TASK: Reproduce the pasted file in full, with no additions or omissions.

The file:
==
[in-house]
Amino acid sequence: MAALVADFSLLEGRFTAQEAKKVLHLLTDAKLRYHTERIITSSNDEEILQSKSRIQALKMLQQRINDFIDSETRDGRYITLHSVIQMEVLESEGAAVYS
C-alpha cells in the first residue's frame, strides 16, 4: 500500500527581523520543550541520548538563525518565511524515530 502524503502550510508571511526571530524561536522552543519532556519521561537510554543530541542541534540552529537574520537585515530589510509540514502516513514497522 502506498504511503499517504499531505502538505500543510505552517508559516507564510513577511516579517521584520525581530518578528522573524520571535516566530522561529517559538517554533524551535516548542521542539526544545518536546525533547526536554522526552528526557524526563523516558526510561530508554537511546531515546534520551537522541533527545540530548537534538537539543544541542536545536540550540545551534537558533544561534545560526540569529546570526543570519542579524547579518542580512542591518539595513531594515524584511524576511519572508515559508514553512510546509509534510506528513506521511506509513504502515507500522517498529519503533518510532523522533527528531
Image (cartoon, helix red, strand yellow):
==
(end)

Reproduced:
[in-house]
Amino acid sequence: MAALVADFSLLEGRFTAQEAKKVLHLLTDAKLRYHTERIITSSNDEEILQSKSRIQALKMLQQRINDFIDSETRDGRYITLHSVIQMEVLESEGAAVYS
C-alpha cells in the first residue's frame, strides 16, 4: 500500500527581523520543550541520548538563525518565511524515530 502524503502550510508571511526571530524561536522552543519532556519521561537510554543530541542541534540552529537574520537585515530589510509540514502516513514497522 502506498504511503499517504499531505502538505500543510505552517508559516507564510513577511516579517521584520525581530518578528522573524520571535516566530522561529517559538517554533524551535516548542521542539526544545518536546525533547526536554522526552528526557524526563523516558526510561530508554537511546531515546534520551537522541533527545540530548537534538537539543544541542536545536540550540545551534537558533544561534545560526540569529546570526543570519542579524547579518542580512542591518539595513531594515524584511524576511519572508515559508514553512510546509509534510506528513506521511506509513504502515507500522517498529519503533518510532523522533527528531
Image (cartoon, helix red, strand yellow):